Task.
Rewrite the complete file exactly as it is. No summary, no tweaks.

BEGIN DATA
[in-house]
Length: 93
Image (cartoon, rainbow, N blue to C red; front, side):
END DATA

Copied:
[in-house]
Length: 93
Image (cartoon, rainbow, N blue to C red; front, side):